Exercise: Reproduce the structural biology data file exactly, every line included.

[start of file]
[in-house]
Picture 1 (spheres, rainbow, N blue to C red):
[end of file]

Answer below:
[in-house]
Picture 1 (spheres, rainbow, N blue to C red):